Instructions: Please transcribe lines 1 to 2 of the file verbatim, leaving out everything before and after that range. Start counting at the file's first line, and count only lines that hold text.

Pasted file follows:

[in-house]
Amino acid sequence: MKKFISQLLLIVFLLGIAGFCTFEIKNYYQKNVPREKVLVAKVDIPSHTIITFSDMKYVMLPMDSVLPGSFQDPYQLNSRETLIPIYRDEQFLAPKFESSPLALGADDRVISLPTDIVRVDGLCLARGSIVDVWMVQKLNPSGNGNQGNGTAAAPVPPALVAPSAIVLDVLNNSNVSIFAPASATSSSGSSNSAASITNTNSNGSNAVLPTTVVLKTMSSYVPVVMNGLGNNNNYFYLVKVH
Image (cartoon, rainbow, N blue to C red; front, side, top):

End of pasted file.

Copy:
[in-house]
Amino acid sequence: MKKFISQLLLIVFLLGIAGFCTFEIKNYYQKNVPREKVLVAKVDIPSHTIITFSDMKYVMLPMDSVLPGSFQDPYQLNSRETLIPIYRDEQFLAPKFESSPLALGADDRVISLPTDIVRVDGLCLARGSIVDVWMVQKLNPSGNGNQGNGTAAAPVPPALVAPSAIVLDVLNNSNVSIFAPASATSSSGSSNSAASITNTNSNGSNAVLPTTVVLKTMSSYVPVVMNGLGNNNNYFYLVKVH